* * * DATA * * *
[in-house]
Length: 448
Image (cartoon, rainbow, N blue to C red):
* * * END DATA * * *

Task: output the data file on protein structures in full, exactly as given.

[in-house]
Length: 448
Image (cartoon, rainbow, N blue to C red):